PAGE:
Background and Goal of Study:
Fat emboli syndrome follows long bone fractures. Its classic presentation consists of an asymptomatic interval followed by pulmonary and neurologic manifestations combined with petechial haemorrhages. Cerebral fat embolism occurring before operative repair without shunt lesion is rarely reported. We report a patient with a posttraumatic cerebral fat embolism resulting in severe neurologic dysfunction.
A 27-year-old man was brought to the hospital immediately after a traffic accident. He sustained a right segmental femoral shaft fracture. The patient was alert with no neurological deficits.38 hours after injury, the patient developed acute mental status deterioration dyspnoea and a petechial rash appeared on his chest, shoulders, upper arms and conjunctivae. Magnetic resonance imaging (MRI) of the brain revealed diffuse white matter cytotoxic edema. Computed tomography with intravenous contrast revealed no evidence of embolism in the lung, abdomen, and pelvis. Transthoracic and transesophageal echocardiogram revealed no circulating embolic particles or intracardiac shunt. The patient underwent closed reduction and internal fixation with a reamed intramedullary nail in the femur at 5 days after injury. Supportive medical treatment included deep sedation, mechanical ventilatory support and hypothermia that was induced with intravascular heat exchange catheter in order to control the raised intracranial pressure (ICP). Transcranial Doppler examination was performed on daily basis for the evaluation of cerebral oedema and ICP.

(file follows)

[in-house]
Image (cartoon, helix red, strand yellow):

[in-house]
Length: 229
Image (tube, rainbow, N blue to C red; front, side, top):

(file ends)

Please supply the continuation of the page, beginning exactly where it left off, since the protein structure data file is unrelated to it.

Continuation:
The MRI of the brain performed 22 days after the incident was normal. The patient was discharged from the hospital 50 days after admission. On follow-up 2 months later, he had returned to his daily activities.
Conclusions and Discussion:
The most effective prophylactic measure is to reduce long bone fractures as soon as possible. Cytotoxic cerebral oedema following cerebral fat embolism may be reversible. Induction of hypothermia has been effective in our case for oedema and raised ICP confrontation.
© 2012 European Society of Anaesthesiology